- Gary Swidler, Match Group's CFO and COO, said US summer 2022 could finally be "that summer of love."
- Swidler made the comment during an earnings call, but clarified his projection in the Q&A.
- He said whether we see a romantic summer in the US depends on people's comfort dating post-Omicron.
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Singles who'd banked on a hot vax summer in 2021 may have better luck in summer 2022, a dating app executive suggested earlier this month.
Gary Swidler, the chief financial officer and chief operations officer of Match Group, which owns and operates dating platforms including Tinder, Hinge, and OKCupid, made the comment during his company's 2021 fourth quarter earnings call on February 2.
"There remains much uncertainty about what happens next with the pandemic, but we have increased confidence that while the first part of 2022 may be tougher than we initially anticipated, the second half could be stronger," Swidler said.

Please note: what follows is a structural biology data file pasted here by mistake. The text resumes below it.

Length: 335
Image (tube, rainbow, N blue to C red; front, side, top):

"We're hopeful that once we get past the effects of Omicron, we could even have that summer of love that we had expected back in 2021 after the vaccines were introduced," he continued.
During the question-and-answer portion of the meeting, though, Swidler tempered expectations. He said that Match Group anticipates daters to return to pre-Omicron habits, but not pre-pandemic behaviours once Omicron's impact fades.
He added that even that assumption could be too optimistic, since it's unclear how comfortable daters will feel socialising when the Omicron variant of the coronavirus is no longer dominant, and how long that dominance will last.
"And so that is a swing factor in our outlook, but we're not assuming a huge summer of love right now in our outlook," he said.
"I know a lot of people feel like as soon as we get to those warm summer months, there's going to be a real big wave [in dating app activity], but we're not forecasting that at the moment until we see some evidence that really this is over and that is how people are going to behave, but we'll have to wait and see," Swidler said.
"Right now, we're more sober on our forecast because we've been head-faked a few times, and this has been going on for a long time and no one's had a great ability to predict kind of what the pandemic brings and what the effects are."